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Aerosols & volcanic ash warning

Impact on the safety of air traffic and on human health

Volcanic eruptions may eject large amounts of ash (aerosols) and trace gases such as sulphur dioxide (SO2) into the atmosphere. These ejecta can have considerable impact on the safety of air traffic and on human health. Ground-based monitoring is carried out at only a limited number of volcanoes: most volcanoes are not monitored on a regular basis, in particular the remotely located volcanoes.
Volcano 2010

Global observations of SO2 and aerosols derived from satellite measurements in near-real time may therefore provide useful complementary information to assess the possible impact of volcanic eruptions on air traffic control and public safety.

The Support to Aviation Control Service (SACS) focuses on the timely delivery of SO2 data derived from different satellite instruments.

Plume of smoke (Eyjafj�ll on 15 April 2010). © Saeberg/Reuters


Impact of aerosols on incoming solar radiation

During a volcanic eruption sulfuric gasses are injected into the stratosphere, where they convert to sulfate aerosols (sub-micron droplets containing about 75 percent sulfuric acid).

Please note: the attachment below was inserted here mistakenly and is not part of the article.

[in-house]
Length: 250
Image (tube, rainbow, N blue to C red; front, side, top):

Following an eruption a large amount of these particles are formed and a large amount of aerosols fall back to the lower layers of the atmosphere. This explains why the impact of aerosols on incoming solar radiation varies significantly depending on if one is in a period of low or high level volcanic activity.

For example, when the Pinatubo volcano erupted in June 1991, scientists estimated that about 10% of the solar radiation was lost at the Earth’s surface, in comparison to about 0.1% the month before.

Mount St. Helens erupts


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